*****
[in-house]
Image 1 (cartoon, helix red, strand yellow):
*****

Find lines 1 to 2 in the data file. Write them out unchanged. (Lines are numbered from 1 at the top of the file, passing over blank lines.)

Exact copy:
[in-house]
Image 1 (cartoon, helix red, strand yellow):